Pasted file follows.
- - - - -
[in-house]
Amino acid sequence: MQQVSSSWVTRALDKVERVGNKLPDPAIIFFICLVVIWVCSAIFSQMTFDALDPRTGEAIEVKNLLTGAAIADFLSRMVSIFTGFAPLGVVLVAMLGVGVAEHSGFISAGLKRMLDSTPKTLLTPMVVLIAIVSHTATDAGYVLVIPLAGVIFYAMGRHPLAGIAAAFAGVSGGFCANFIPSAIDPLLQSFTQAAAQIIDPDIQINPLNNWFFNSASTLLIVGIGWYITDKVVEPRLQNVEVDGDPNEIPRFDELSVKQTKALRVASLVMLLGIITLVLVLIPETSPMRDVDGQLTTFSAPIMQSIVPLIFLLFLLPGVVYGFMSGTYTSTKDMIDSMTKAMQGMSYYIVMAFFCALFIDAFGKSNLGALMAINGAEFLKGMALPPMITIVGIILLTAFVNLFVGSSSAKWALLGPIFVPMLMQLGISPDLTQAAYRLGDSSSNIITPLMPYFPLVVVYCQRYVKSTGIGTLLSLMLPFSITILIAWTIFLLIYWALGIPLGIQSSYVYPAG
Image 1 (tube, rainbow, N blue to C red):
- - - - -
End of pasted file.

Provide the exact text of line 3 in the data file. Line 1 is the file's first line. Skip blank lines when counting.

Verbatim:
Image 1 (tube, rainbow, N blue to C red):